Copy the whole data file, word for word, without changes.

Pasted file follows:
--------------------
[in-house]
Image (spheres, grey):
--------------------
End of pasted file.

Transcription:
[in-house]
Image (spheres, grey):